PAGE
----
Chad VanGaalen Is the Jim Henson of Acid Dreamlike Creations
"Listening to my own voice makes me feel horrible. So the less I have to do it the better."
Photo provided by artist
If you were to ask Chad VanGaalen what he'd really like to be doing with his life, he'd probably say spend most of his time growing vegetables in the backyard of his Calgary home. "Sometimes I just lay in it, and I get down on my knees and eat from it like a deer," he explains. "I don't even touch it with my fucking hands sometimes. It's fucking awesome!"
Unfortunately for VanGaalen, he's an extremely talented singer-songwriter with actual fans that want him to keep recording albums. He's been nominated for the Polaris Music Prize three times and calls legendary Seattle label Sub Pop his home outside of Canada [he still releases records on Flemish Eye here], so things have been going pretty good for him. But growing fuck-loads of Brussels sprouts and making eccentric, fuzzy psyche-pop are just two of the projects he is regularly tending to.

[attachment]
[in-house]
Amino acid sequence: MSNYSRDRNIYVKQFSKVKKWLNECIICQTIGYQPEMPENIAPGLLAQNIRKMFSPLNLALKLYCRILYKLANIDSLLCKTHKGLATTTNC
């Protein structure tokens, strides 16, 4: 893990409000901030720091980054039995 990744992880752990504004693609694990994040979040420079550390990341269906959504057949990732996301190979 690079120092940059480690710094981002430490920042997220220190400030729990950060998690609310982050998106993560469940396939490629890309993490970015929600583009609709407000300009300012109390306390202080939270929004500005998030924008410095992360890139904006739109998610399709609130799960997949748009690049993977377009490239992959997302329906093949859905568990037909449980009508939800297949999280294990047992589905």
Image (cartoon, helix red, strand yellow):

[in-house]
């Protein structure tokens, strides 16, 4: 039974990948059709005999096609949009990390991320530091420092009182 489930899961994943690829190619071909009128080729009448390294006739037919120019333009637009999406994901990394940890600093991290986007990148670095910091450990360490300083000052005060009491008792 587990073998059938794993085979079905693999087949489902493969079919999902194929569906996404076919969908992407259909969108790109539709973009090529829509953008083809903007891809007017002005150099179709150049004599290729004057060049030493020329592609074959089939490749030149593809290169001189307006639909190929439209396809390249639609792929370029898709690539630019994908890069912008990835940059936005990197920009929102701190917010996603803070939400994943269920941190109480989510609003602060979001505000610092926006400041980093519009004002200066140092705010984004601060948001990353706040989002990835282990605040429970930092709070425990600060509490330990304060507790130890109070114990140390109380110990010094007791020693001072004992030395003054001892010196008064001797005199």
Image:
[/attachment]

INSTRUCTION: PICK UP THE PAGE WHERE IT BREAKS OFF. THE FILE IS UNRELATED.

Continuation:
VanGaalen's new album, Light Information, was born during a very busy time time for him. In that stretch the father of two finished and released a different album, 2014's Shrink Dust, recorded a collaborative album with Dog Day's Seth Smith, produced the debut album by Alvvays, and won the Prism Prize for directing Timber Timbre's "Beat the Drum Slowly" video. Then in 2015 he was offered a job that he has described as "pretty close to a dream come true (minus being able to kickflip down a set of stairs)." Emmy-nominated director, writer and editor Daniel Stessen asked VanGaalen to write music for his spaced-out Adult Swim series, Dream Corp LLC, which premiered on the network last October.